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Kidney Disease: Getting the Right Amount of Protein

Hand holding a deck of cards
One portion (3 to 4 ounces) of fish, chicken, or red meat is about the size of a deck of playing cards.

Your body needs protein to build and repair muscles and bones along with other important body functions. But as the body uses protein, a waste product (blood urea nitrogen or BUN) is made. If your kidneys can’t filter wastes from your blood normally, the BUN level increases. If the level gets too high, you can become sick. Because of this, you need to control the amount of protein you eat each day. Use this handout to help you.

Measuring protein content

You know how many grams of protein to eat, but most food portions are measured in ounces. Use the chart below to help determine the protein content of some common foods.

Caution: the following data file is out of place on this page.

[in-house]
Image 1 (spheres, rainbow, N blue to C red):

Protein source

Amount in ounces

Amount in grams

Chicken breast

3 to 4 ounces

21 to 28 grams

Chicken thigh

2 to 2.5 ounces

14 to 18 grams

Fish

3 ounces

21 grams

Pork chop

2 to 2.5 ounces

14 to18 grams

Roast beef

3 ounces

21 grams

Steak

3 to 4 ounces

21 to 28 grams

Hamburger

3 to 4 ounces

21 to 28 grams

Eggs

1 egg

7 grams

Cheese

1 ounce

7 grams

Most beans

4 ounces

7 to 10 grams

Tofu

2 ounces

5 grams

Most nuts

2 ounces

5 to 8 grams

If you eat too much protein

Eating too much protein may cause the following:

  • Nausea or vomiting

  • Tiredness (fatigue)

  • Mental confusion

  • Increased potassium levels

  • Increased phosphorus levels

  • Increased time on hemodialysis

  • Risk of speeding the loss of kidney function

 

If you eat too little protein

Eating too little protein may cause the following:

  • Muscle loss and weakness

  • Tiredness

  • Weight loss

  • Slower wound healing

Author: StayWell Custom Communications
Last Annual Review Date: 5/1/2020
Copyright © The StayWell Company, LLC. except where otherwise noted.
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